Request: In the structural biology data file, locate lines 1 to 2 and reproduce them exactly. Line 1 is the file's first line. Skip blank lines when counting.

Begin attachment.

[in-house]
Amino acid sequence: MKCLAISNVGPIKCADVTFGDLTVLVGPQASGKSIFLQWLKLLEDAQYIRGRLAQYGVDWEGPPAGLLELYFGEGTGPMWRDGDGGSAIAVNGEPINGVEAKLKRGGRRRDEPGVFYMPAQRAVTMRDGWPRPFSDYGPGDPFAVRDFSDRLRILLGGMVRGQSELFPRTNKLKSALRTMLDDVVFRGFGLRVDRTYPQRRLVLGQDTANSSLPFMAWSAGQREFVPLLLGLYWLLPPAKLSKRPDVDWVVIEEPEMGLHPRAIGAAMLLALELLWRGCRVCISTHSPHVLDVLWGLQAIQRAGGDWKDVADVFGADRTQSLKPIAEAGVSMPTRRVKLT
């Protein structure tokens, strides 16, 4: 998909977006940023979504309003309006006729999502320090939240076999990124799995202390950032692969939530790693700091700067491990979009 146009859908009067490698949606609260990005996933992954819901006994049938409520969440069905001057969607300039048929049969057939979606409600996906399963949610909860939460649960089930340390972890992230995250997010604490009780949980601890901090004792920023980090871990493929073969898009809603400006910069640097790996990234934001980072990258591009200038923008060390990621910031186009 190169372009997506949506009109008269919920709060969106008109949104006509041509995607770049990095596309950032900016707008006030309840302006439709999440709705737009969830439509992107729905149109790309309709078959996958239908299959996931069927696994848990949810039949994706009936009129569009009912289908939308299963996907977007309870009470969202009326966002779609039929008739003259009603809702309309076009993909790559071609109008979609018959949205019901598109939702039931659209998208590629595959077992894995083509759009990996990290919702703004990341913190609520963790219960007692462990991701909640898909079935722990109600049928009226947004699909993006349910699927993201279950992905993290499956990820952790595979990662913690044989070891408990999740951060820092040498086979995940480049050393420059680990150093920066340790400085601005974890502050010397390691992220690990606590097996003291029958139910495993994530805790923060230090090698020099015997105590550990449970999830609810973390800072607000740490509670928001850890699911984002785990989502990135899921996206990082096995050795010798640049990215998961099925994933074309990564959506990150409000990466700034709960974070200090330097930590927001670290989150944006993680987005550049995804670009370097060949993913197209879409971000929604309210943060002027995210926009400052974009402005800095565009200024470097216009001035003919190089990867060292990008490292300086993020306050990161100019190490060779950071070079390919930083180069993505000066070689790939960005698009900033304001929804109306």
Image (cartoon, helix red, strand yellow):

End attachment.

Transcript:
[in-house]
Amino acid sequence: MKCLAISNVGPIKCADVTFGDLTVLVGPQASGKSIFLQWLKLLEDAQYIRGRLAQYGVDWEGPPAGLLELYFGEGTGPMWRDGDGGSAIAVNGEPINGVEAKLKRGGRRRDEPGVFYMPAQRAVTMRDGWPRPFSDYGPGDPFAVRDFSDRLRILLGGMVRGQSELFPRTNKLKSALRTMLDDVVFRGFGLRVDRTYPQRRLVLGQDTANSSLPFMAWSAGQREFVPLLLGLYWLLPPAKLSKRPDVDWVVIEEPEMGLHPRAIGAAMLLALELLWRGCRVCISTHSPHVLDVLWGLQAIQRAGGDWKDVADVFGADRTQSLKPIAEAGVSMPTRRVKLT